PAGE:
Eating Well for Good Oral Health

In the 1930s, the great dental researcher Weston A. Price traveled the world, investigating the effects of diet on human dentition. From the Swiss Alps to the Peruvian Andes, from Africa to the South Seas, he found one commonality among all people he met: those who ate traditional diets made up of indigenous foods had healthy gums and nearly perfect teeth. Comparatively, those who ate highly processed, non-local foods – diets including refined flour and sugar – were much more likely to have crooked teeth, malocclusion (improper jaw alignment), caries (cavities) and gum disease. He published his findings as Nutrition and Physical Degeneration in 1939.

Sadly, all too few dentists have recognized the importance of Price’s work. They can’t state the obvious: what you eat affects not just your overall health but your dental health.

For instance, refined carbohydrates and starches contribute greatly to biofilm (plaque) build-up, tooth decay and periodontal disease. When broken down by enzymes in your saliva, these fermentable carbohydrates make a desirable meal for the microbes that live in your mouth. The environment grows acidic while the microbes thrive and colonize, intensifying acidity. If the biofilm they form isn’t regularly disturbed by brushing, flossing and other cleaning techniques, decay and gum disease are sure to follow.

If, on the other hand, you eat plenty of vegetables, fruits and other whole foods, you make the terrain less friendly to those microbes. Indeed, shifting to a less acidifying, more alkalinizing diet can go a long way toward enhancing your health.


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Broadly speaking, all foods can be classified as either acidifying or alkalinizing. One of the reasons why the Standard American Diet (SAD) is so notoriously unhealthy is precisely because it makes the body so acidic. Meats, grains, dairy, caffeine and sugar are the main culprits. Alkalinizing foods are needed to balance things out. These include:

  • Fruits and vegetables (except tomato), their juices and oils
  • Nuts and seeds (except peanuts, pecans, pistachios, walnuts, heazel, pine and soy nuts), their oils and butters
  • Herb and green teas
  • Mineral water
  • Sea salt, major herbs and spices
  • Molasses

Generally speaking, riper, fresher and less cooked produce is more alkalinizing, and organic is more so than industrial produce. Similarly, whole grains are less acidifying than refined grains, and whiter meats are less acidifying than darker ones.

You’ll note that this list contains few processed foods. This is because whole foods – foods as they occur in nature – are the foundation of a healthy diet. They may be processed into other foods of varying quality – everything from healthy, hearty whole grain breads to nutritionally empty Twinkies. While these days it would be extremely difficult, if not impossible, to follow a completely traditional, indigenous diet such as Dr. Price found ideal, we can benefit greatly by at least avoiding use of the most heavily processed foods. Hence, the oft-cited rule of thumb, of shopping the perimeter of the grocery store: produce, meats, dairy, bakery. When you venture into the center aisles for the more heavily processed foods, be sure to read the labels carefully – especially the ingredients. The fewer, the better.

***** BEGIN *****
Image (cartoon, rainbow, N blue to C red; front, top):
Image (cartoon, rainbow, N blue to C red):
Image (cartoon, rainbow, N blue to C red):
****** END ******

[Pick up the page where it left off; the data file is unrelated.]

Eating a wide variety of whole foods, with emphasis on alkalinizing foods, can help ensure that you’ll get all the vitamins, minerals and other nutrients that support strong teeth and healthy gums. While we need enough of all nutrients in oder to stay healthy, some are especially important to good dental health.

All are vital, but especially vitamins C and E. As anti-inflammatory agents, they support healthy gum tissue. They also make the terrain less acidic, slowing the growth of biofilm. Eating a wide variety of vegetables and fruits can help ensure you get enough of these nutrients. Nuts and whole grains are great sources of E, while citrus and cruciferous vegetables (e.g., broccoli, cauliflower, kale) are excellent sources of C.

Calcium, Magnesium, Zinc, Iron and Trace Minerals
Minerals support bone growth and maintenance. Good sources include meat, fish and dairy products, along with green leafy vegetables.

Vitamin D
D plays a role in maintaining strong teeth and gums. Luckily, our bodies can produce this vitamin with the help of sunlight. All it takes is ten to twenty minutes of exposure three times a week. Also, dairy products are often fortified with D.

Our body tissues are constantly breaking down, including the tissues in your mouth. Protein is needed to rebuild and maintain them. Good sources include meat, fish, dairy products, beans and nuts.

Along with taking regular exercise and making time for rest and rejuvenation, eating a varied, nutrient-dense diet is hands-down your best bet for supporting and enhancing your wellbeing. For as Hippocrates said well over 2300 years ago, “If we could give every individual the right amount of nourishment and exercise, not too little and not too much, we would have found the safest way to health.”


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